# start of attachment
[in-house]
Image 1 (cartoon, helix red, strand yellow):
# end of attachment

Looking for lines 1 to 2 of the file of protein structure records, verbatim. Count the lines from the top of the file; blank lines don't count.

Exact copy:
[in-house]
Image 1 (cartoon, helix red, strand yellow):